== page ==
I recently subscribed to Yes! Magazine, and I’m anxiously awaiting my first edition in the mail. The most recent edition focused entirely on water use — Editors wrote that in the future they think we’ll have a water crisis similar to the energy crisis we’re currently facing. Here’s an article that puts a new spin on the subject of water use and conservation. Author Frederick Kirschenmann writes, “One of the reasons that we are using such large quantities of water for irrigation is that we have not paid attention to the biological health of our soils.”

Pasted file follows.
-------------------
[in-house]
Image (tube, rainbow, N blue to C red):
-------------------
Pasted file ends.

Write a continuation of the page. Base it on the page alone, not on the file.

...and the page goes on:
He says to conserve water, farmers must respect the soil and cultivate it so plants won’t need as much water as in “industrial” farming methods that Kirschenmann says treat soil as “nothing more than a material to hold plants in place while we insert the synthetic nutrients plants require.” The author managed his family farm since 1976, and explains his experience with cultivating soil properly so plants don’t need as much water. He had to turn it around from a monoculture farm with “significantly impaired” soil.
Being on the farm with full management responsibilities for the first time gave me the opportunity to explore theoretical questions I had: Were there ways to manage soil so it would absorb and retain more moisture to sustain crops during drought periods? Could I design a farming system with sufficient diversity to increase its resilience? Or one that was less energy intensive? Was it possible to create a farming system that was more self-renewing and self-regulating?